With Severe Hurricane Season Predicted, Advance Planning a Must | Sports Destination Management

With Severe Hurricane Season Predicted, Advance Planning a Must

May 27, 2024 | By: Mary Helen Sprecher

While weather patterns do not care one iota about travel plans, people do. That’s what makes it so worrisome that this year’s forecast includes a serious threat of rapidly intensifying storms (RIS) during the 2024 Atlantic hurricane season. And RIS build within 24 hours, meaning sports event owners should have alternate plans on the table well in advance of their events.

According to the Washington Post, the National Oceanic and Atmospheric Administration (NOAA) is warning that this year’s hurricane season could be among the worst in decades. In fact, the NOAA outlook predicts 17 to 25 tropical storms, eight to 13 hurricanes and four to seven “major” hurricanes, making it the most aggressive May prediction the agency has made.

And NOAA is not exactly known for being alarmist or extreme in its predictions.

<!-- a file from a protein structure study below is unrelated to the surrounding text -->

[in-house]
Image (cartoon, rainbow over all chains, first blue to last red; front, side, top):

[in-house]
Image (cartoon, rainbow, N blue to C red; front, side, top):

The Atlantic Hurricane Season begins on June 1 and runs through the end of November. AccuWeather's team of long-range forecasters say now is the time to prepare for a frenzy of tropical systems, being termed “explosive.” There are signs that the first named system could spin up early; this hurricane season is expected to pose a major threat to life and property, particularly along the Atlantic and Gulf of Mexico coastlines. (AccuWeather’s map of predicted hurricane and tropical storm landfall locations can be found here.)

"The 2024 Atlantic hurricane season is forecast to feature well above the historical average number of tropical storms, hurricanes, major hurricanes and direct U.S. impacts," AccuWeather Lead Hurricane Forecaster Alex DaSilva said. This echoes the early warning AccuWeather issued in late February, ringing the alarm bells about the potential for a surge in tropical activity.

Being Prepared

Ready.gov is an excellent source of information, with this toolkit among its most valuable assets. It advises knowing a community’s evacuation plan, possible evacuation routes and how to sign up for local alerts.

Sports event planners, of course, have additional layers of worry. And while it’s (obviously) impossible to remove bad weather from the board, important steps taken in advance can help mitigate at least some of the problems. Contingency plans are key, says Mike Guswiler of West Michigan Sports Commission, in this article.